When I hit the “post” button a few days ago, I knew that I was turning my back on a lucrative and successful career in advertising and exposing the false but very well-fabricated story of who Karen was. I even assumed that I would lose some friends in the process, because for many the disease of addiction is still viewed as a moral failing that can be controlled by will alone. What I did not expect was to receive all the love, support and personal stories of struggle that have been pouring in since Friday. I know I am on the right path, based on your reactions to my first blog post. And while I cannot represent the addict community as a whole, I’m honored to be able to tell my story and carry the message of recovery to those in need.

The heartbreaking truth about addiction is that it does not discriminate. Who is an addict? The blue book tells us that an addict is a man or a woman whose life is controlled by drugs; the getting and using and finding ways and means to get more. A person who lives to use and uses to live looks like everyone else: your sister who abuses Xanax, your colleague who binge drinks every day, your son who smokes pot regularly. And while they might not look like the stereotypical junkie, they are in the grips of a continuing and progressive illness. They are in pain and believe they cannot survive without drugs.

My story begins at the age of eight. Feeling less than, I began to seek comfort in food. As I got older, food was replaced with stealing, then drugs, then shopping and finally sex. To be viewed as a functioning member of society, I created rules for myself. These rules would allow me to hide my addiction for 15+ years. On the outside, I had everything going for me: a good job with a decent disposable income, a nice place in a good neighborhood, a new car, family and friends who loved me. But inside I felt insignificant, depressed and always alone. Rules like: only drink in social settings, only do hard drugs on the weekend, only binge eat on special occasions, were both a blessing and a curse. To the world, I was functioning. To me, I was enduring until the next high.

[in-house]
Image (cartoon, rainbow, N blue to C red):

It took three therapists, some rule-breaking and a few panic attacks for me to admit that I had a problem. I had all the telltale signs of an addict. I couldn’t handle life without numbing my feelings. I couldn’t feel pleasure in everyday things. I constantly replaced one addiction for the other. I even tried a number of geographic changes, hoping that a new city would give me the backdrop for a brand new start. However, when I really examined my life with a magnifying glass, I saw that I had lost a lot of things to my addiction: the house I grew up in went into foreclosure because I snorted the mortgage payments up my nose, a very dear friend pushed me away for years, because she couldn’t stand by as I destroyed myself with alcohol, I even lost the chance to say goodbye to my mother, as she lay on her deathbed losing the battle against cancer, because I was fighting the demons in my own head. I wasn’t there for my sisters when they needed me the most. I lost a $100k inheritance to frivolousness. And countless other scenarios that played out over the years, I see now as obvious products of my disease.

While this sickness has been there all along, my turning point was being sexually assaulted at 15 years old. One night, I was invited to a party at an acquaintance’s house whose parents were away. At the time, I was desperate for love and acceptance. After years of being bullied, I had finally found approval from a group of friends who were acting out like most teenagers do. We’d skip school; buy alcohol with fake ids and experiment with drugs together. That night, I snuck out of my house while my parents slept soundly. What I didn’t know, was that when I walked into that house full of boys, I was walking into my first traumatic experience. I was encouraged to drink massive amounts of alcohol and coerced to have sex with one of the boys at the party, while everyone stood by and watched. Feeling like I deserved it, like I had it coming to me, I never told anyone what really happened that night. I was a slut who should have never gone to that party to begin with. At school the next day, the boys spread rumors around. They told everyone that I had given blow jobs at the party and my girlfriends turned against me. I was devastated. Back in my bedroom, I drowned my tears in a bottle of vodka that my dad kept in the liquor cabinet. It killed the hurt and alleviated my sorrow. Vodka was there for me when I couldn’t reach out for help.

In my 20’s, when I lost both parents to cancer, I turned again to the only tool I had for dealing with pain. Feeling like life had robbed me, I moved to New York, where for the next ten years I lived each day like it was going to be my last. I rationalized my behavior behind the pretense that this lifestyle was part of the fast-paced culture of the big city. But, when you took the glamour of New York away, there I was; just me and my inability to feel negative feelings. When my current therapist suggested I go to rehab, she positioned it as a spiritual vacation for my soul. It finally clicked for me. I had been struggling with anxiety and depression for so long that I had forgotten what it was like to feel happy and hopeful. In February 2016, I finally surrendered to the fact that I was a drug addict. And what I went on to experience in rehab will stay with me forever.